Atsia Agbeko Togo Atsia Agbeko
Togo Atsia for Drumset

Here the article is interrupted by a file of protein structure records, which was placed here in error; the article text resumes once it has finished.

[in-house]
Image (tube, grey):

Togo Atsia For Drumset - Atsia is an invitational dance created by the Ewe-speaking people of Togo. The word atsia means "style" or "to display" in the Ewe language. In academic settings Atsia is commonly known as "Togo Atsia" in reference to where it was created. This piece is also known as "Horsetail Atsia" - in reference to the horse tails the dancers use when performing this piece. Numerous pieces are named "Atsia" and/or have an "Atsia" section in them. This has led to seemingly endless confusion among non-Ewe's who learn this music and dance - myself included. To recreate Togo Atsia on the drum set I have assigned the parts traditionally played by different members of an Ewe drumming ensemble to the different limbs of my body. The role of Gankogui (a double bell) which is the time keeper in this music is played by my left foot. The role of Kidi (a small supporting drum) is played by my left hand. The role of Sogo (a supporting drum like kidi but larger) is played by my right foot. In a dialogue (a conversation between the lead drum and the supporting drums) I play the open notes with my left hand and the closed notes with my right foot. The role of Atsimevu (a tall, narrow drum which the lead drummer uses to communicate with the rest of the ensemble) is played by my right hand. This particular rendition is more drum solo based than as accompaniment for dancers. Instead of using a cowbell to cover the gankogui I moved back to a hi-hat using a "splash hat' technique. The pitch hierarchy is a departure from the traditional arrangement. The leading rhythms are the higher pitches and its support comes from lower pitches making it the opposite of a traditional arrangement.
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